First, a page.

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An inflammatory disorder in which multiple granulomas (nodules of hardened lymph and fibrous tissues) form in organs and tissues throughout the body. Sarcoidosis most commonly affects the lungs, liver, lymph nodes, eyes, and skin, though can affect any body structure. The granulomas typically have alternating growth and remission stages, though generally cause permanent scarring.
Though most people who have sarcoidosis develop small granulomas and have mild symptoms, sarcoidosis can be severe when the granulomas clump together to form large enough lesions to interfere with an organ’s functions. Sarcoidosis that affects the heart can cause lifethreatening arrhythmia with high risk for sudden cardiac death.
Symptoms and Diagnostic Path
Most often sarcoidosis begins in the lungs, causing pulmonary symptoms, and in the lymph nodes. Symptoms are specific for the organ system involved. Generalized symptoms may include
- Fatigue, weakness, and malaise (general sense of not feeling well)
- Weight loss and loss of appetite
- Night sweats and sleep disturbances
- Splenomegaly (enlarged spleen)
- Hepatomegaly (enlarged liver)
- Enlarged, tender lymph nodes
- Erythema nodosum (red, painful skin lesions most commonly appearing on the shins)
The diagnostic path begins with blood tests, chest x-ray, and pulmonary function tests (95 percent of people who have sarcoidosis have lung involvement). The doctor may conduct other diagnostic procedures, depending on the symptoms and the necessity to rule out other causes for them.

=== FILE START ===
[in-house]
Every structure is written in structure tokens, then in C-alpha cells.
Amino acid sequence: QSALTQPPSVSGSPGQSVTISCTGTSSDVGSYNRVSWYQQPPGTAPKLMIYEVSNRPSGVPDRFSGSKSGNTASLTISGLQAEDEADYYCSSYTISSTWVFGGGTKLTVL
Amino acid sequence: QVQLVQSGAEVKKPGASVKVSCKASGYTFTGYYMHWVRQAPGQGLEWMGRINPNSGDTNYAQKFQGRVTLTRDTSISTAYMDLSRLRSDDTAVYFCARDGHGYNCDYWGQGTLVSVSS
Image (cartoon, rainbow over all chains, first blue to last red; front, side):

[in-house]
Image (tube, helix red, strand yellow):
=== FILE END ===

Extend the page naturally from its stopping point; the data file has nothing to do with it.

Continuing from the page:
Though various procedures can show characteristic evidence of sarcoidosis, there are no conclusive diagnostic tests for sarcoidosis. Imaging procedures such as computed tomography (ct) scan and magnetic resonance imaging (mri) can reveal the extent of damage present as a consequence of the granulomas.
Treatment Options and Outlook
Long-term treatment (up to a year) with corticosteroid medications reduces the inflammation that causes symptoms and mitigates the consequential damage. Topical medications can improve skin symptoms. Severe or resistant symptoms may require immunosuppressive therapy or immunotherapy. Even with treatment, sarcoidosis remains a chronic condition with alternating periods of remission (no symptoms) and exacerbation (resumed or intensified symptoms).
Medications to Treat Sarcoidosis
|MEDICATIONS TO TREAT SARCOIDOSIS|
Risk Factors and Preventive Measures
There are no clear risk factors for sarcoidosis, though it is more common and often more severe in African American women. Nor are there any known measures to prevent sarcoidosis from developing. Researchers believe many people have undetected sarcoidosis, making this inflammatory disorder far more common than doctors have long believed. Early diagnosis and treatment can minimize the consequences of the inflammation and fibrosis and allow improved quality of life.
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